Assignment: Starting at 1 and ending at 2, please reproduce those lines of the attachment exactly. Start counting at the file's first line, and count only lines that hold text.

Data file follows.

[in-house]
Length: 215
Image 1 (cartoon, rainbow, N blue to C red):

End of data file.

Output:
[in-house]
Length: 215